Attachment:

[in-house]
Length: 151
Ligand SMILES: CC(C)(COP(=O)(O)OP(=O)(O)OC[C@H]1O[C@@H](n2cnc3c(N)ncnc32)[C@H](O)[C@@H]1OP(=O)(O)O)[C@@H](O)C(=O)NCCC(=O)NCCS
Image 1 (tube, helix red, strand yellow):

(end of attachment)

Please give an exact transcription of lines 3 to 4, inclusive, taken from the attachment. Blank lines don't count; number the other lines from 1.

Ligand SMILES: CC(C)(COP(=O)(O)OP(=O)(O)OC[C@H]1O[C@@H](n2cnc3c(N)ncnc32)[C@H](O)[C@@H]1OP(=O)(O)O)[C@@H](O)C(=O)NCCC(=O)NCCS
Image 1 (tube, helix red, strand yellow):